1. Holcomb, Susan Simmons ARNP-BC, PhD

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Joshua Phelps, 37, arrives at the ED complaining of right lower quadrant abdominal pain. You obtain his vital signs and find out that he has no known allergies and takes no medications. His BP is 156/94; pulse, 100 and regular; respirations, 20; and temperature, 99.6[degrees] F (37.6[degrees] C).

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1. What's the next step in investigating his problem?


a. Perform a physical assessment.


b. Alert the healthcare provider to his arrival.


c. Connect him to a cardiac monitor.


d. Gather a detailed history of his current complaint.


Mr. Phelps' pain began last evening and is associated with nausea, but he hasn't vomited. Eating doesn't seem to affect the pain, and he hasn't had any bowel or bladder changes.



2. In assessing Mr. Phelps' pain, what information should you obtain?


a. onset, location, and duration


b. intensity and quality


c. aggravating and relieving factors


d. all of the above


Mr. Phelps describes his pain as constant, deep and achy, and worse with movement. On a pain scale of 0 to 10, with 10 being the worst pain he's ever experienced, he rates the pain at a 7. He doesn't want to lie supine and is guarding his right lower quadrant.



3. When assessing Mr. Phelps' abdomen, which assessment should you dolast?


a. palpation


b. auscultation


c. inspection


d. percussion


Abdominal assessment shows a normal inspection, normoactive bowel sounds, and no masses, enlargement, or tenderness of the liver or spleen. However, Mr. Phelps did display rebound tenderness and positive Rovsing, obturator, and psoas signs. Based on his history and physical assessment, the healthcare provider orders a complete blood cell count and urinalysis. The results indicate a total white blood cell (WBC) count of 15,000/mm3 with 96% neutrophils. The urinalysis is normal.



4. Mr. Phelps' signs and symptoms, history, physical assessment, and lab findings suggest which diagnosis?


a. abdominal aortic dissection


b. acute appendicitis


c. renal calculi


d. acute cholecystitis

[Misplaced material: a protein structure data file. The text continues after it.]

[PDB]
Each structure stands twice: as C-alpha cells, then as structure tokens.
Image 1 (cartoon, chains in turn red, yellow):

5. The healthcare provider decides to order imaging studies. Which of the following ismost likelyto confirm or rule out this diagnosis?


a. a computed tomography (CT) scan with contrast of the abdomen and pelvis


b. abdominal X-rays


c. magnetic resonance imaging (MRI) of the abdomen and pelvis


d. ultrasound of the abdomen and pelvis




1. d. History of the present illness is the most important aspect of the exam and should include all signs and symptoms. If the patient complains of nausea and vomiting and changes in bowel habits, find out if he's traveled recently, if his water supply has changed, if he's swum in lakes or public swimming pools, or if he's been exposed to other areas of concern made public by the health department, such as food recalls or contaminated waterways.


2. d. Find outwhen the pain began; its location, quality, and intensity; whether it's constant or intermittent; what makes it worse or better; and any associated signs and symptoms. Ask the patient if the pain wakes him at night. Try to have him objectively rate his pain by using a valid and reliable pain intensity rating scale.


3. a. When you do an abdominal exam, always perform palpation last because it may stimulate peristalsis and change baseline auscultation data. Palpation may also induce pain that impedes further examination. Always begin palpation on the asymptomatic side, and perform light palpation before deep palpation.


4. b. Right lower quadrant abdominal pain is a typical sign of acute appendicitis in adults. Rebound tenderness, positive psoas and obturator signs, and a WBC count over 10,000/mm3 with an increase in neutrophils (left shift) all increase the likelihood of the diagnosis.


Rebound tenderness suggests peritoneal inflammation, as from appendicitis. Rebound tenderness is present if, when you slowly and firmly press your fingers into the area of tenderness, the patient's pain worsens when you quickly lift them. Pain in the patient's right lower quadrant when you apply pressure to his left lower quadrant (a positive Rovsing sign) also suggests appendicitis.


To look for a psoas sign, have the patient lie supine. Place your hand on his thigh just above his right knee and ask him to raise that thigh against your hand. If this maneuver increases his abdominal pain, the psoas sign is positive.


To look for an obturator sign, flex his right thigh at the hip. With his knee bent, rotate his leg internally at the hip. The obturator sign is positive when this action reproduces right lower quadrant abdominal pain.


Leukocytosis can indicate infection or necrosis; a predominance of neutrophils in the differential usually signals bacterial infection.


5. a. There's no gold standard for imaging studies to detect appendicitis, but a CT scan is generally the study of choice because it's usually more available and less expensive than MRI and more reliable than abdominal X-rays or ultrasound. Findings of the CT scan of Mr. Phelps' abdomen and pelvis are consistent with acute appendicitis without perforation. He's diagnosed with acute appendicitis and scheduled for surgery.



Miller SK, Alpert PT. Assessment and differential diagnosis of abdominal pain. Nurse Pract. 2006; 31(7):38-47.


Richardson E, Paulson CP, Hitchcock K, Gerayli F. History, exam, and labs: Is one enough to diagnose acute adult appendicitis? J Fam Pract. 2007; 56(6):474-476.


Smeltzer SC, Bare BG, Hinkle JL, Cheever KH. Brunner & Suddarth's Textbook of Medical-Surgical Nursing. 11th ed. Philadelphia, PA: Lippincott Williams & Wilkins; 2007. [Context Link]